It’s a disconnect that’s killing people. Lafayette Parish recorded 25 pedestrian fatalities since 2020, according to research compiled by LSU. And many of the city’s hotspots for collisions are on the Thruway, Pinhook and University corridors. In a city built for cars, many people in the neighborhoods that line those streets don’t have them. Some 20% of households in the blocks that cover McComb-Veazey, Fightinville and Truman have no cars, according to data collected for the bike plan. Generally, Black cyclists have collision fatality rates that are 20-30% higher than white cyclists, and the disparity holds for lower-income cyclists, too.

Nureaka Ross watched her mom walk miles to one of four jobs near her childhood home in McComb-Veazey. Having lost friends to collisions, she became an advocate for transportation access as she watched more and more people suffer grievous injuries or death on Carmel Drive near her home.

“We had to walk to the grocery store, to go to the laundromat. Only transportation I had was my two feet,” she says. “To this day, there are people who live this way. People have to work. People need transportation. And one of the most reliable types of transportation is bicycles. It’s low maintenance.”

Embracing bike infrastructure as a community need would mark a paradigm shift not just for the mayor-president but for Lafayette as whole. Over the last decade, bike lanes and sidewalks have been striped as afterthoughts to regular traffic work. That approach has been successful in adding lane miles over the years with low-hanging fruit, but it’s left the network virtually unusable for those who want to move around the city.

“A lot of people ride their bikes in this city,” says Matt Holland of Bike Lafayette. “The reason some people might not ride their bike is because they don’t have the infrastructure that makes them feel like they could. Johnston Street: it’s a high-speed road. The lane isn’t protected. There are a lot of driveways coming in and out of the street. For someone who isn’t a hard-core, avid cyclist, and even if for someone who is, it’s not a comfortable street to ride.”

That view is corroborated by data LCG’s bike planners collected over the last few months. In public meetings with neighbor coteries, a bike charette and through online surveys, residents reported they felt comfortable moving within neighborhoods — walking Downtown, for instance, where walk scores are high — but not moving between them.

And that’s problematic for economic mobility and access. People who walk and bike to work, like Nureaka’s mom did, struggle to get to the grocery store, much less to a better job in another part of town. As Lafayette has sprawled, that’s flung opportunity out of reach for many in the urban core, a fact underscored by the area’s deflating population and increasing rates of poverty.

Planners took that data into account, along with traffic counts and the crash numbers, to inform plans for major crossings of roadways, and those same considerations will help shape prioritization of the plan’s implementation.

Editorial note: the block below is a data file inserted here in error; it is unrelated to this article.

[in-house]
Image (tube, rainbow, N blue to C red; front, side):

Of course, a plan stays a plan until it gets built. And there’s still much to work out, both through a forthcoming public comment period and in dealing with Lafayette’s other looming ambition: completing I-49 South via the Lafayette Connector.

Cars on Evangeline Thruway
A sidewalk squeezes next to the Evangeline Thruway.

Segments of the bike plan include work funded through the Evangeline Corridor Initiative, a city initiative set up to help neighborhoods in the Connector’s path adapt for its arrival. Aided by record sales tax receipts and a flush of federal cash, Guillory has put several million dollars into ECI projects.

“We haven't had any money to do any of this stuff,” Gilbert says. “The mayor-president funded all ECI requests last year, and we've put in a follow up request this year. That's significant.” 

Having a master plan puts LCG on stronger footing in talks with state transportation officials. Once adopted, it would represent Lafayette’s official vision for what to do with crossings once the Connector becomes an elevated interstate. For the time being, that means LCG is working with wet clay as the Department of Transportation and Development wraps up its latest planning effort on the decades-old freeway project. DOTD intends to have a design up for federal approval by early 2023.

Bike lanes have not been good politics in Lafayette for some time, and building for cyclists and pedestrians this way would represent a sea change in how the city plans for getting around. Pushback is to be expected.

The network traverses two areas, Moss Street and West Bayou, that resisted bike plans in the past. The Coulee St. John spoke, planned mostly along public right of way, has already spooked some residents, Gilbert says. 

Funding, of course, remains a big question, especially to achieve the plan’s full ambition. The $14.5 million commitment represents a big chunk of change, the most allocated for bike infrastructure in recent memory, but it’s still “a start” for BikeLafayette’s Holland. Real change would be a routine line item for bike infrastructure in LCG’s budgeting.

“I love a plan. It’s a great plan,” Holland says. “Until the plan becomes a reality, we’re still stuck with the situation that we have on the street.”